World War One was a major focus of all news media in 1916, which extended to the Review, which published several lengthy reviews of recent war-related publications every week. Women weren’t totally shut out: Ellen Key’s War, Peace, and the Future had a lengthy review on October 22 edition, and there were a couple volumes on nursing, too. There were not lady generals, as a general rule. In most cases—and this is a qualitative rather than quantitative observation—column inches for non-fiction books went to men with Qualifications, in war and other fields.
This is a qualitative rather than quantitative claim: I observed many more non-fiction works written by men in a much range of topics: academia, military, religion, medicine, and politics. Oh, and also poetry. And I noted only two or three women with specific professional designations like those of the decorated military authors whose biographies would run five lines long in bold print, and I already mentioned Orie Latham Hatcher. There was also Emma Matteson, an instructor at the George Peabody College for Teachers and a technical high school, who wrote about the technical aspects of food. E.R. Thayer, the Art Director of the Decorative Designers, wrote a book called When Mother Lets Us Draw. Helen Marot was identified as a member of Local 12.646 in a book about the labor movement “in a manly fashion,” in case you forgot this was 1916.
Women who published often found success with a writing partner. Helen Gleason managed a coup: she had a book called Golden Lads about Manly War published, and reviewed on the front page of the supplement. Undoubtedly, having her husband Arthur helped escort the book into serious consideration, and the reviewer made sure to note immediately that she only wrote one article in the book about the Red Cross, but surely she helped her husband. In another case, two sisters, Jane and Mary Findlater, co-authored a book about family life in England called Content with Flies; a review of the book on December 10 cited these very simple lifehacks:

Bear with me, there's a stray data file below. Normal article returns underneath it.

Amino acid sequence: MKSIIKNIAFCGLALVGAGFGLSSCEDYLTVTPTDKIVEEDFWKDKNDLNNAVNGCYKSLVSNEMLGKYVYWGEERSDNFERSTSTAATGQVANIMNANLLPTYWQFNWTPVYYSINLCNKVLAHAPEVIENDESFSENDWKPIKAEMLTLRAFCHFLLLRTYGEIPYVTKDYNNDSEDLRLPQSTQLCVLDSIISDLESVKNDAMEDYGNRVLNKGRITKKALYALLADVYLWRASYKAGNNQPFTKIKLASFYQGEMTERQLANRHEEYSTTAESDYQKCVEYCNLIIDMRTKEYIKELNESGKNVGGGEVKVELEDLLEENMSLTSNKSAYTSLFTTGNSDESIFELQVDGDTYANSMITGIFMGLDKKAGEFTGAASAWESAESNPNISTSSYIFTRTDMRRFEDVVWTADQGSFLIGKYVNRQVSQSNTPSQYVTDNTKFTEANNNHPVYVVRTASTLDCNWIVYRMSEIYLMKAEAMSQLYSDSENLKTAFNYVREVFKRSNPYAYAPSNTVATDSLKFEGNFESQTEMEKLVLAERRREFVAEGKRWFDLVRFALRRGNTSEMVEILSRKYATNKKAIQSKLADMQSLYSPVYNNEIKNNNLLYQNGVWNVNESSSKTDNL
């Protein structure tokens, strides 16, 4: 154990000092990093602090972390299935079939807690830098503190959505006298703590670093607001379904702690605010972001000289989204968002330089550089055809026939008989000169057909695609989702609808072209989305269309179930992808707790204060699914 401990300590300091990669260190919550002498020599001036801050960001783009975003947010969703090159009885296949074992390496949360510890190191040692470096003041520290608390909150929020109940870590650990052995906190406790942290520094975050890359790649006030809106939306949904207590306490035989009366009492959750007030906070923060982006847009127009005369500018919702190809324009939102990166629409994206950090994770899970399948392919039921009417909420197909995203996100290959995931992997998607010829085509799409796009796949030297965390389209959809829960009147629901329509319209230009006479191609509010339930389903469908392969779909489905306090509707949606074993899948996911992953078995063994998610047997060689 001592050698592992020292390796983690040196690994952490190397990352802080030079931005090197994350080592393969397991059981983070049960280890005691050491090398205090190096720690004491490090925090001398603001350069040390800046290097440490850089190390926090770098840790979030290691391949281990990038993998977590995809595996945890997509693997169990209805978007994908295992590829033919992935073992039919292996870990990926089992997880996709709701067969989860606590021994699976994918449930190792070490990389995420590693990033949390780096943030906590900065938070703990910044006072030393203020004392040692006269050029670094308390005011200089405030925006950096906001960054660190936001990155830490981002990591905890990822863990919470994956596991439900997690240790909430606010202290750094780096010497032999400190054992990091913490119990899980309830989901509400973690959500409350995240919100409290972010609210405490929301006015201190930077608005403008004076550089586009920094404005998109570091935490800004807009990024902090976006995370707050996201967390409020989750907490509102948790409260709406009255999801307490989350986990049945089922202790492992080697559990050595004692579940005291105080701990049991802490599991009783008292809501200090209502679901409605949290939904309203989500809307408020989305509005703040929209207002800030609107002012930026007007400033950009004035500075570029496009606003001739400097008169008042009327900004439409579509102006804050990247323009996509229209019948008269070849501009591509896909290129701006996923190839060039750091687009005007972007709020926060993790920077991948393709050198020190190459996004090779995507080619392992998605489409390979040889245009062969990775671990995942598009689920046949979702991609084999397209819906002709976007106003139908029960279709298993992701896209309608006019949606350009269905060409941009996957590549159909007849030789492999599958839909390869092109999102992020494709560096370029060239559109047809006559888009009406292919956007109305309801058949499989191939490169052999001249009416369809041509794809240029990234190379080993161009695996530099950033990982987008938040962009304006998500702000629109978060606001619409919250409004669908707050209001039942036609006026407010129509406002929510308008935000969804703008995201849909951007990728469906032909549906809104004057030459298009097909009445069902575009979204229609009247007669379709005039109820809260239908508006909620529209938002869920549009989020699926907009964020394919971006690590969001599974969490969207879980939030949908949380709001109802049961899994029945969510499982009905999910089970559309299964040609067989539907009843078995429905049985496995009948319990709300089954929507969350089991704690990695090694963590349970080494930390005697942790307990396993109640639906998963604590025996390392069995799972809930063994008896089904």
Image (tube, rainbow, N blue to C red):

The cover of the New York Times Review of Books was as disproportionately dominated by men, with 102 works by men or male authors featured or pictured on their front page and only 24 women. But women still did succeed on that level. In reviewing her “Life and Gabriella,” the Review wrote that Ellen Glasgow “established a right to a place in the front line of contemporary novelists.” The next month saw a double-lady cover: May Sinclair’s The Belfry and Gertrude Atherton for Mrs. Balflame, a novel mostly forgotten except for the first line, “Mrs. Balflame made up her mind to commit murder,” which was dissed independent of author or title in this 2016 Electric Literature article. Margaret Deland was pictured on the front page of the review twice, once for an explicitly feminist novel called “The Rising Tide”. Mary Roberts Rinehart appeared twice for both fiction and non-fiction works, first appearing with full-on crazy eyes next to a horse for her book about National Glacier Park in June, and then wearing a fly hat as a part of a preview of new books of the season in the fall.
But despite these successes, women were shut out of the front page at about the same rate they were shut out of the other pages of the supplement. Sometimes this led to some hilarious irony, as with this cover that tantalizingly promised “Women of the Future, Mysticism, Fun” and gave us four boring looking dudes:
So many of the books I read were forgotten; it was a strong rebuke to my daydreams of my books getting raves in the Book review and then also being taught in classrooms 100 years later. Critical attention and long-lasting relevancy just don’t go together the way we think they will. Literature has a wild and weedy afterlife, and even a big serious literary hit can be as ephemeral as a tweet.
Roughly, one out of five books reviewed by the New York Times Review of Books in 1916 was authored by a woman. There were at least two women in each issue of the hallowed supplement, and on average more than five. This is, frankly, better than I expected. I’m also glad to see that the Book Review has cleared that low bar in every year since the VIDA Count started; while no more than 35% at most of books reviewed from 2009-2012 were by women, they have had significant improvements in 2013 and 2014. It has gotten better, not just over the last hundred years but in the last five too.
But I was sad to note that many literary organizations can’t even beat the Book Review from 100 years ago. In 2014, only about one in five books reviewed by The Nation were by women. The same goes for the London Review of Books. Though The Times Literary Supplement, The New Republic, and Harper’s did just slightly better, they still couldn’t manage to include more than one woman out of every four authors reviewed in 2014.
The necessity of the VIDA Count is in improving what has been etched into our expectations of who is most worthy of critical attention at our highest levels. If it had been started in 1916, perhaps we wouldn’t need it today. But as we need the VIDA Count to pressure publishers into equality today, I expect that it will still be relevant in yet another 100 years.